How to Prevent IT Project Failures
For the past year I have been doing research on the causes of IT project failures and on how to prevent them. Here is a summary of what I have leaned. More information is available on my web site: www.ghco.biz
More than forty years after the advent of third generation computing, the IT profession overall still doesn’t know how to execute IT projects predictably and successfully. 70% of all IT projects fail, a number that has been documented in numerous surveys conducted by many organizations in many countries. This number is startling, and a bit frightening when you recall that IT expenditures constitute more than half of all capital expenditures by American businesses.
Maybe we are too prone to use sports as metaphors for business. If a baseball player consistently bats .300, he is likely to get a multi-year, multi-million dollar contract. Why shouldn’t a CIO who bats .300 (which is the same as saying that 70% of his projects fail) also get a multi-year, multi-million dollar contract?
Several possible explanations occur to me. One is that the baseball player’s career is very short and he should be compensated for a lifetime during the few years he plays. On the other hand, is a CIO’s career really any longer? Current statistics say that it is not. Or maybe it is because anyone interested can see for himself how good a job the batter is doing while it is almost impossible for a spectator to see how good a job the CIO is doing. Or maybe because the ball player is more fun to watch. Resolving this compensation anomaly would be interesting, but we have a better chance of increasing the CIO’s batting average, so let’s look at how we could to that.
The costs of these failures are substantial. Here is an analysis of a hypothetical company based on industry averages.
Revenue $100 MM
IT budget @ 5% of revenue $5 MM
Application development budget @ 20% of IT budget $1 MM
Total budgets of failed projects @70% $700,000
Budget overruns @ 50% $350,000
Average project length 2 years
Average schedule over-run of project @30% 0.6 year
Average planned ROI of projects 25%/year
Foregone profits of late projects @ 0.6 x 0.25 x $700,000 $105,000
Total annual losses because of budget and schedule overruns $455,000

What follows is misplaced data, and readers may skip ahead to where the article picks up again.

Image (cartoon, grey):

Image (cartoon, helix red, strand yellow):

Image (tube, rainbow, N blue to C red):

Looked at another way, preventing project failures can increase the productivity of a system development department by 45%.
Root Cause Analysis
What does it mean to say an IT project is a failure? A project is a failure if the relevant business executives say it is. Here is a reasonably comprehensive list of things that might cause a business executive to make that judgment. Call them indicators of failure.
End product of the project does not meet real business need.
End product of the project does not support organizational strategy.
Project implementation was chaotic and disruptive.
Project was not implemented or was soon abandoned.
Degree of project success or failure is unclear.
Success or failure of future projects is unpredictable.
Project exceeded budget.
Project was finished late or not at all.
Final product lacks originally planned functionality.
The six items above the double line have to do with the business effects of the project; the three items below are more focused on the execution of the project by IT.
My root cause analysis of IT project failures identified these seven generic root causes:
Incomplete project planning and evaluation.
Project plan misses non-technical issues.
Roles and responsibilities of users, senior. management, and IT are not well understood and agreed to by all parties.
Bad or non-existent communications among interested parties.
Inadequate project governance.
Lack of post audit procedures and project archive
Inconsistent application of good practices.
In the course of the root cause analysis, several things became clear.
q Most of the project failures – but certainly not all of them – have non-technical causes.
q Many of these causes exist outside of the IT function and hence beyond the direct control of IT.
q The relationships between the indicators of failure and the root causes are many and complex. For example, “end product does not meet real business need” might be caused by bad project planning, or by inadequate project governance. Similarly, each root cause may influence more that one bad result. For example, inadequate project governance may lead to budget overruns, schedule overruns and/or chaotic or disruptive implementation.
q Although it may be expedient to attack the root causes one at a time, you should remember these interactions and not be surprised when fixing one root cause does not cure the specific problem you are addressing.
A program to prevent these failures should include these elements.
q A careful analysis of the “as is” situation. This analysis will almost certainly show that some of the generic root causes have already been taken care of, and it may also identify company specific root causes not included in the generic list.
q An educational program for all the relevant constituencies, including senior corporate management and senior business unit management as well as the IT community.
q A business process redesign of the project management function to address the needs identified by comparing the “as is” situation with the results of the root cause analysis.
q Institutionalizing the new business process by coaching the project team through at least one project.
This may sound like a complex and onerous process, but it really is not. It will be a little awkward for the first project, but the payoff will be substantial.